The Courier News from Blytheville, Arkansas on July 17, 1954 · Page 3
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July 17, 1954

The Courier News from Blytheville, Arkansas · Page 3

Blytheville, Arkansas
Issue Date:
Saturday, July 17, 1954
Page 3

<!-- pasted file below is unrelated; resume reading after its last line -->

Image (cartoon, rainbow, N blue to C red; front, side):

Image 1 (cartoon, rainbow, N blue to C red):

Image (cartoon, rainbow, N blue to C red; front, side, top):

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SATURDAY, JULY 17/1954 BLYTHEVILLE (ARK.) COURIER NEWS PAGE THRE1 PUZZLES THINGS TO DO STORIES Our World | Rot That Jumps Like Kangaroo Makes Unusual Pet Old Jesse James, Bear BY IDA SMITH WHISKERS was a big kangaroo rat with shiny black ^yes, 9. long tufted tail, and hind 2gs that could stamp on the floor of his cage when he was angry. And he was angry whenever Polly, the green and red parrot, !came near his cage, because Polly made ugly dives at him and squawked something in parrot language which he sensed as nothing complimentary. But many evenings after Polly •had gone to sleep Whiskers' young friends would turn him loose in the kitchen and they had a riotous time. At first he did not quite understand the hide and seek game which the children tried to teach him. but soon he got the gist of . it. It was great fun to hide behind the stove and when the chil- idren found him, he would jump i : out at them. Sometimes he would jump clear over their heads. One morning after such an evening of fun, Polly strutted by his cage and made a dive at him. With his great hind legs he gleefully kicked a shower of sand in her face. The shock of it upset her balance. She fell and rolled over. Picking herself up, she made a hurried and humiliated retreat, leaving Whiskers in smug command of the situation. Whiskers had been dug out of his desert home when a baby by a mischievous dog. The children found him shivering and hungry and took him home. Soon he was drinking warm milk from a doll's | nursing bottle and sleeping in a ' snug box by the fire. BACK TO DESERT HOME i TV/HEN the baby rat grew big ! enough to eat solid food, he was fed on .Polly's sunflower seeds and fresh vegetables. Due to his good care he became larger than the average wild kangaroo rat of his species'. The children's mother was afraid of mice and the great rat was a constant source of (oftentimes mock) 1 terror to her. Once i when she accidentally met Whis; kers at the kitchen door she screamed and climbed wildly up in a chair. The children pre! tended .great bravery as .they i i shooed Whiskers back into his cage, and helped tHeir mother \ j down. j One week-end the family went i on a visit to grandmother's. Upon returning home they found their pet's cage empty. He had worked his way out near some loose wires and had gone back to the desert. Whiskers' relatives are all natives of the western deserts. They tunnel under the ground where they make their homes. Whiskers belonged to the large species that sometimes measure 14 inches from tip of tail to nose. A smaller species weighs only a half ounce but has the same kangaroo-type hind legs and long tufted tail. Over his home the large rat kicks up a big .mound of dirt. The little fellow is content to just tunnel a home because he can't kick as hard as his big relative. Sometimes he steals food from the big rat's pantry, and thus has incurred the distrust and animosity of the big fellow. The large rats are not as sociable among themselves as the smaller ones, living a]one most Let's Hove o Forty Try These Gomes TF you can swim, you will like i water games. So will your friends. Round them up for a .rwimminf party and a picnic [ lunch afterwards. Everyone is sure to enjoy that. BALLOON RACE: Have as many balloons as you have swimmers. Inflate each balloon to ; capacity and toss into the water. Swimmers must push the balloon ahead with their heads and advance to a given line in the water, then return. The first swimmer whose balloon reaches the finish- goal i« the winner. RHINOCEROS RELAY: Swimmers float for this one and, since they have -no horn on their snouts like a rhinoceros, they must hold one leg up. Any hand stroke may b9 used to paddle the swimmer forward. If th« "snout" drops, the rhinoceros is "'out/' First one to the goal is the winner. PUSS IN THE CORNER: Foul- inner tubes are needed, to be arranged four-corner fashion. The game is played just as you played it in kindergarten, a player at each tube and one in the middle of the square, the swimmers at the tubes exchanging places and the center player trying to get to a corner. FOLLOW THE LEADER: An- The tagged swimmer becomes BALLOON BALL: Balloon is passed among a team of three. The other three-member team try to snatch the balloon away. Interesting Facts Have you a "lead" pencil? Of course, only the "lead r " in your modern pencil isn't really lead, but graphite, a kind of carbon other kindergarten game that makes for excitement in the' carbon water. Swimmers must follow anything the leader does—walk on all fours in shallow water, that is mixed with clay because by itself is too soft. 1.NAIL 3 narrow strip of WOOD across one side of an ORANGE CRATE like 2.Nail a wicfe BOARD in the center of the bottom. Years ago. pieces of lead were used for marking—possibly why j the name "lead" pencil is still j submerge, somersault, swim,! usecu jump, float. SEAWEED TAG: A long strip The Polar Star (North Star) cannot be seen anywhere on of seaweed for this one.- "It 7 ' j earth as some people believe, j must lasso another swimmer with .I Ybu have to live north of the j it, either his arm, foot or head, j Equator \.o be able to see it. j of the year except at mating time when they rear their tast- growing youngsters. The small species live in groups, perhaps because there is more safety in numbers. Kangaroo rats are vegetarians, living off the seeds and roots of the desert, and can go a long time without water. In fact their stomachs convert the starches oi their food into water. These little animals are very neat and tidy in their habits and are actually not rats at all. They are a kind of ground squirrel, but their fur-lined, pockets for carrying food are on the outside of their cheeks. The kangaroo rat, the pocket gopher, and the pocket mouse are the only three mammals that have external fur- lined cheek pockets. In the spring a mother kangaroo rat will raise from three to five babies in her underground home, if it isn't invaded or destroyed, by prowlers. 4. Put your BRUSHES in a argeCAN and mix your POWDER PAINT in clean SEA FOOD CANS. 5. TAPE A PIECE OF THL CLASSIFIED AD SECTION" OF YOUR NEWSPAPER TO THE BOARD WITH That Begs on Frightens Park Roadside Tourist 3.WEDGE A PLYWOOD BOARD BETWEEN THE STRIPS- True Adventure! Fate Led Fremont to K4eeting With Kit Carson are many people who believe in fate. Call it what you wish—luck, chance opportunity, or the lucky break. It do«* happen for some people. Sometimes it comes to the wrong man. Sometimes to the right man. And tragically enough, it even skips the right man. It was in the spring of 1842 and Kit Carson decided to do something that seemed sensible t« him. He took his little girl, Adeline, away from her Indian home. He had decided to give her a good education. He made arrangements to take her East with Bent's caravan. He arrived safely at his destination and left his daughter in good hands. Then he «pent t few days in St. Louis and finally landed on a steamer bound for the upper Missouri. On that very boat was a young army officer, Lieutenant John Charles Fremont, a man who dreamed of building an empire, or making a fortune, of becoming famous. In his ov/n little world, Kit Carson was a happy and a famous man. He had been employed as a hunter by Bent for the magnificent salary of one dollar a day. Fremont was looking for Captain Drips, an experienced mountaineer. He failed to get him. A small unassuming man walked up to Fremont and remarked, "I understand you are looking for a guide. I can fill the post." Kit looked anything but the tough hardened seasoned man needed for the work. Fremont was polite. He remarked he | would make an inquiry regarding Carson's qualifications. As Kit later remarked, "I presume the reports he received were favorable, for he told me he would engage me. paying me one hundred dollars per month/' The two men became lifelong friends. Of their first meeting, Fremont writes, "On the boat I ! met Kit Carson. He was return- i ing from putting his little daugh- ; ter in a convent school at St. i Louis. I was pleased with him ! and his manner of address at this j first meeting. He was a man of | medium height, broad shouldered ! and deep chested, with clear J steady blue eye and frank speech | and address; quiet and unassum- ; ing." i Of their first meeting, Kit ' remarks. "As luck would have it, ; Colonel Fremont, then a lieuten- ; ant. was aboard the same boat, | He had been in search of Captain I Drips, an experienced rnoun- i taineer. but had failed in getting j him. I told Colonel Fremont that ! I had been some time in the | mountains and thought I could i guide him to any point he would j wish to go." j Call it luck, but it had a strange | result. The fame that Fremont ! wanted, missed him. The fame •that the small man. Kit Carson, j didn't xvant, pursued him. Fre- jmont could never figure out to his | dying day, what he lacked so that fame just passed him by. And Kit Carson could never figure out to his dying day, why people thought he was famous. So goes j life, and so goes Lady Luck. i BY JAMES ALDRET>GE : TpVER hear of how "Jesse | James" would tangle with ; the travelers in the Yellowstone? | Don't get things wrong. This I "Jesse James" was not the no- jtorious highwayman, but a hun-. Igry mother bear who would plant I herself with her cub at a narrow i point on the Continental Divide i road and there hold up all tour: ist cars for a hand-out. | • It did not matter whether you [ i drdve the most luxurious limbii- \ ! sine or a broken-down old jalopy, i I Sooner or later you would have! i to slow to a halt while "Jesse"! {gave you the '"'once-over.' 1 "f you ! I had any delicious tidbit in sight, i | she'd be almost certain to claim | jit for herself and her child. ! i Ordinarily, travelers would j I look -upon her panhandling as a; huge joke and would muster up j some tempting sweetmeats. But i {one day a big Tennessee car with ' ' a chauffeur was caught in the j i bear's line-uo. Either because i * i these folks looked rich or else because "Jesse" smelled a box of chocolates in the back seat, she proceeded to give this party a special "going-over." The chauffeur was hardly prepared, that is certain. When the bear's big head came nosing in through the window. I he could hardly believe his eyes. The' fact is, he had never had i any social introductions to bears outside of cages in a zoo, so he let out a yell and bolted out of the opposite door. This was too much for "Jesse." She was not used to having her advances snubbed in this loud manner. She was so shocked and upset, indeed, that she fell over backwards and landed ker-blam on her cub. The cub then yipped like a licked pup and crawled under the car. That really made the mother mad. Blaming that chauffeur for everything, she took after him Tourists who visit Yellow - She made friends with most of the park's visitors, since she never meant to scare anybody with her quiet alms-seeking. All the bears in the Yellowstone are under pretty close supervision. To tell the truth, Uncle Sam has a soft spot in his heart for these shaggy creatures. If bruin were an orphan child, be couldn't be watched over with more care than he is by the park attendants. There are more than 300 b-eart there, and they roam around, quite free and unmolested. When they do forget their manners. 1* is usually the fault of thoughtless humans. One day a bus load of visitor! i stopped en the Continental Di! vide hill to let everybody watch j the antics of a mother bear and • her child. Pictures were snapped, i and all but one man were satis-; ified. He was determined to get •' photo of the cub alone. Paying there. Park officials warn not to get too close. ' stone National Park gret a j n ° h ^ed to the driver's warning, I thrill from the bears they see j ne stepped out of the bus to stand between the mother and her cub. The mother bear, thinking that | lickety-split. Fortunately, he had ! her child was in danger, came up I a head start, so he was able to; with a rush, and with one sweep •slide into another sedan where'of her paw, took the seat out of ithe driver opened the door just |the man's light flannel slacks. ! in time and then closed it as the | It was a pretty embarrassing ! bear came running up. ; situation and the man had to go ! "Je<se' r waited outside for a '\ back to his hotel wrapped in a i while, perhaps thinking she had \ blanket, but perhaps he was j''treed''that man who was so im-| lucky to get off with nothing polite. But then, seeing he was i worse than a sizable tailor's bill. !quite unwilling to come out and '• Nobody blamed the mother , apologize, she went back to beg- • bear. Until then she had been ging food. : very peaceful and obliging about When the chauffeur finally did posing, but when her cub was slip back to his own car, he | threatened, as she supposed, shs ! looked badly shaken. He was i simply took matters in her own : heard to mutter that he did not • hands. i care to stay in "this zoo" any ' longer than he had to. One meeting with "Jesse James"* and ! her cub had been quite enough All of which proves that when the Yellowstone Park bears "act up." investigation usually shows that they were provoked to mis- ' in his social experience. i behavior by tourists who forgot j His rudeness was an excep-:that these animals are really j tion in the mother bear's routine, j wild! Puzzle Pete's Corner Puzzle Answers CROSSWORD: Sports Baseball's BY J. W. WOLFE TRUE OR FALSE?: 1—TRUE, made in Ecuador; 2—FALSE, a ;projecting layer of masonry on ithe side of a building; 3—FALSE, 'a man who digs- tunnels; 4— ; TRUE. ! WACKY COMPASS: Believe not all you hear and tell not all you know. TRIANGLE: M MA WAN BARN WASTE MARTYR MANNERS Boiling Point Varies "Water boils tt 212 degrees Fahrenheit." Be careful about that statement. It is true only tt sea level, the higher the altitude, the lower th* boiling point. In Mexico City, which is 7000 feet above sw level, water boili tt 200 degrees Fahrenheit. It takei much longer to "boil" potatoes t>"-e than it does in New York City. is a lovely village in England called Chipping Norton and the enthusiastic | people of that town with its charming name, have told the world that baseball originated there. They say that Abner Double- i day, the man who has been called the "father of baseball," got his idea at Chipping Norton. But we know that is not the fact of the matter. Baseball was never played anywhere before it was played in the United States. The game of rounders, was played for hundreds of years in England. But in our country rounders passed through the intermediate stages of town-ball. three old-cat and scrub, and eventually developed into true baseball, a game as unlike its ancient ancestor as a Scotch collie is unlike a Mexican hairless dog. Abner Doubled ay Is honored at Cooperstown in the Baseball Hall of Fame, as the man who first laid out the baseball diamond and of formulating the rules o! the game. He was born at Ballston Spa, N. Y. and if ever ht heard of Chipping Norton that was his closest connection with that lovely town. We know that baseball is American as torn. In this Hall of Fame at Cooperstown are trophies galore; balls and mitts used by all the i great players. Plaques on the ; walls tell us of great victories I won on the diamond. The in' scription above reads: "chosen i on the basis of playing ability, integrity, sportsmanship, charac- i ter and their contribution to the jteam on which they played and i to baseball in general". Here we }see mitts worn by the one and ' only Christy Matthevvson: gloves' j worn by Babe Ruth, the ball used by Mickey Mantle when he hit a famous home run over the wall of Washington's Griffith Stadium RULES FAR DIFFERENT Baseball as we know it, goes | back * There were z few organized nines in and around New York in the forties, which played for the enjoyment of spectators. In those days the side that scored twenty-one runs first won games. A man was out if the ball he hit was caught on the first bound, and he was also out if he was hit between bases by a ball thrown by one of the opposing side. Little by little rules were changed. Overhand pitching was permitted, harder, less lively balls were being made and an elaborate technique of playing and hitting was developed. The college boys took up the game as early as 1859 when Amherst and Williams met on ' the diamond. With the close of i ] the Civil War baseball, which seems to have been played a good deal by soldiers in camp, spread like wild fire. But baseball is not the only thing that has brought fame to beautiful Cooperstown, on the shore of Lake Otsego, the lake which was the "Glirhmerglass' 1 of J. Fenimore Cooper's "Leather Stocking Tales". For here are other museums, all within walking distance of Baseballs' Hall of Fame. Right in the center of the town is the Fenimor* Hous*. It stands on the site of the house once 1 occupied by Cooper. Tt contains many fare'Bating rp-rr-cripts, (bookj tad picturM 1M4 «rifi- | nally by the author. It also in- j eludes an exhibit of early Ameri ican masks of celebrities of i Cooper's day. There is also a | fine collection of paintings of the i Hudson Valley. ! HISTORY ALL ABOUT American history is all about one here in Cooperstown. In the I town museum one can see early j tools used by farmers and crafts- i men of the eighteen hundreds. | The homemade forerunner of I the washing machine is here and ; a rocking churn still making I butter. All the early arts and crafts are being kept alive. Here is a j broom-m a k i n j? demonstration j and a cooper turning out a barrel as did the first cooper of an almost extinct vocation. ' Here is a cobbler making a pair i of genuine leather boots. Flax j raised on the grounds near the ' museum is spun and woven in i authentic patterns—those early ! American coverlets, blue ana : white, red and blue, duplicated i before one's eyes. ! Just south of the town museum stands the Corners, a re-creation •' of the beginning of community \ life in rural America. j The country store in this group i is worth a long visit. And the j delicious horehound candy, loved j by our grandfathers, should be ' sampled. All in all Cooperstnwn is & delightful place for all to ACROSS 1 Recompense 6 Idolize 7 Challenge 9 Manufactured 12 High card 13 Hazard 14 Behold: 15 Crimson 16 Negative reply 17 Mistake 19 Energy (coll.) 20 Fillip 21 Unclothed 22 Goddess of vegetation 24 Worms DOWN" 1 Uncommon 2 City in The Netherlands 3 Italian river 4 Provided with weapons ELEPHANTS •RARELY Lie SICK 0£ WOUNDED. ASIATIC £L£PMAMT5 LIE POWM I 5 Period of tims } 7 River valleys I 5 Oak nut I 10 Eater i 11 Run axvay to marry ! 13 Through | 15 Stout cords i 18 Contest of speed j 19 Go by I 21 Honey-maker 23 Right side (ab.) | True or False? Can you decide correctly whether each of the following sentences is true or false? i I. Panama hats are not mad* in Panama, I 2. A water table is a table in I a restaurant where water is kept. 3. A sandhof is a small animal that lives in the sand. I 4. A Navy Captain rank* higher than an Army Major. WACKY COMPASS START AT AMD USc ?AT$ OJCE PE5T«OY€0 A WHOtf TOWM iw TANGANYIKA, A?PJCA, AFTE^FIGST RU- WlWGTHECaTTCWCftCP...TM£Y INVADED THE SUCH vjLWg£C$ THAT THE TCTW£ ft W>$ON ISOLATED S EVENTUALLY S FLK3HT tESSi BECAUSE N'O MAAVM4LS ARE PScSCNT 70 CHASE THEM INTO Triangli Puzzle Pete has based hi* triangle on MAKNERS. The second word is "a parent"; third "pallid"; fourth "farm building"! fifth "refuse"; and sixth "a «real sufferer." Complete th« trianflaf M A If If I R MANNER!